At 6:13 a.m. on Sunday, a National Reconnaissance Office mission was launched aboard a SpaceX Falcon 9 rocket from Space Launch Complex-4 East at Vandenberg Space Force Base.
The launch, originally scheduled for Friday, was delayed twice. It was postponed to Saturday morning, then delayed again to Sunday.
The launch successfully took place Sunday morning. After stage separations took place, the first stage successfully landed and was seen on the webcast. It was the 114th overall successful recovery of a first stage booster.
“Today the Western Range teamed with the National Reconnaissance Office to deliver a critical national security payload, which will provide our warfighters and decision-makers with vital intelligence data. This is the 20th NRO launch from the Western Range since 1996 and I’m proud of both the team today and the long-standing and strong partnership with the NRO. Go NROL-85!” said Col. Rob Long, Space Launch Delta 30 commander.
“NROL-85 is the first NRO mission to reuse a SpaceX rocket booster. NROL-87, launched only two months earlier, was the first NRO launch of a SpaceX Falcon 9 rocket intended to be reused for a future mission,” according to a news release from Vandenberg.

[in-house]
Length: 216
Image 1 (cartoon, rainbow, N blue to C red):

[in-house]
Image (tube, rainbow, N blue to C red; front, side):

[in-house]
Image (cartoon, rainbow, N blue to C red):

NROL-85 is the second Falcon 9 Launch procured through the National Security Space Launch contract that launched from the Western Range. The mission’s first stage returned to land on Landing Zone 4 at Vandenberg Space Force Base.
As the vehicle re-entered, spectators and local residents of Santa Barbara, Ventura and San Luis Obispo counties would have heard multiple sonic booms as the vehicle broke the sound barrier.
“A sonic boom is the sound associated with the shock waves from an aircraft or launch vehicle traveling faster than the speed of sound,” Vandenberg explained in its news release. “Sonic booms generate a sound similar to an explosion or a clap of thunder and the degree experienced will depend on weather conditions and other factors.”
Vice President Kamala Harris will visit the Vandeberg Space Force today.